Masterbatch testing & analysis

Masterbatch Testing

Masterbatch testing & analysis

Super engineering plastics offer extraordinary performance, often on par with metals and more exotic materials.

Compared to commodity plastics, these lightweight and customizable alternatives require a more complex and expensive manufacturing process. With significant production costs on the line—not to mention end-user safety—testing and quality control are of the utmost importance.

Tests often include:

  • Masterbatch and carrier residue analysis
  • Dry ashing to measure content and purity
  • Softening and ignition point verification
  • Temperature-dependent mechanical analysis
  • Heat aging and weathering to ascertain durability
  • Off-gas analysis

A muffle furnace is ideal for processes like ashing, which requires very high yet extremely precise and stable heat (potentially approaching 800°–900° C). This article will take a brief look at common testing protocols, then discuss the role of muffle furnaces in masterbatch/additive testing.

Masterbatch testing & analysis

Raw polymer seldom looks or performs the way a customer desires. From simple color changes to static control to life-saving flame retardance, a finished super engineering plastic generally includes multiple additives.

It’s not always desirable to work with raw additives. For instance, batch sizing and precision are common challenges. Conversely, pre-compounded polymers are a far simpler alternative, but potentially slow, costly, and inflexible.

Masterbatches provide a middle ground. Neither wholly custom nor wholly pre-mixed, they enable rapid customization and testing while avoiding constraints on batch size or shelf life.

However, masterbatches and final polymers both require careful analysis. Carrier materials may have undesired effects on the finished plastic, so it’s important to quantify their contents and detect byproducts that may impair the finished product.

ISO Testing Standards for Plastics

ISO 3451 is a common standard for plastic ashing. It prescribes up to 200 minutes in a muffle furnace at either (600 ± 25)°, (750 ± 50)°, (850 ± 50)°, or (950 ± 50)° C. 

Depending on the polymer or masterbatch at hand, technicians may use one of four methods under ISO 3451:

  • Method A: burning (by flame or muffle furnace) followed by calcining a muffle furnace
  • Method B: burning, sulfuric acid treatment, and finally heating
  • Method C: sulfuric acid treatment, burning, and finally heating
  • Method D: use of an automated instrument

In any case, the main goal is to measure the amount of an additive or filler. Secondarily, the chemical composition of the ash can give further insight into the composition and behavior of, e.g., the masterbatch’s carrier.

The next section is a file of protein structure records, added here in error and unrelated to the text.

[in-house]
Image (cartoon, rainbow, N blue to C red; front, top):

While the allowable temperature variation is fairly high, most manufacturers prefer furnaces that maintain much narrower ranges. Pragmatically, rapid heating is also important for facilities that run frequent masterbatch tests.

Muffle Furnace Use In Masterbatch/Additive Analysis

Ash analysis from plastic combustion is typically conducted at temperatures under 900° C. Muffle furnaces can comfortably sustain this temperature range, all in a cost-effective form that’s also versatile enough for a wide range of other thermal treatments.

Muffle Furnace Use In Masterbatch/Additive Analysis

Our current models have maximum temperatures from 1050° C (generally recommended for additive/masterbatch analysis) to 1900° C, with equally high stability throughout the range. Preheating time is approximately 40 minutes to a typical ashing temperature of 800° C. 

SH Scientific Muffle Furnace Chamber

Currently, capacities range from 3 L to 36L, so there’s a cost-effective option for plastics manufacturers of all sizes.

We generally recommend smaller models for ashing and similar procedures. These fit comfortably inside a fume hood, so technicians can manage noxious fumes with standard, existing equipment.

SH Scientific Muffle Furnace Placed Inside of a Fume Hood

For assays that require environmental control, we offer ball type gas flow meters and (for most models) a programmable digital controller. And when perfect inert-gas saturation is required, our proprietary vacuum muffle furnace design rivals the performance of tube furnaces—with far higher capacity for the dollar.

Why SH Scientific?

Like every SH device, our muffle furnaces are built in Korea and fulfilled and supported from the West Coast.

Unlike most larger manufacturers, our low overhead lets us offer high performance at compelling prices. Yet unlike smaller equipment makers, we have the in-house design and manufacturing capabilities to offer essentially unlimited customization.

For technical guidance, or to discuss your polymer/additive workflow requirements with a specialist, please contact us today.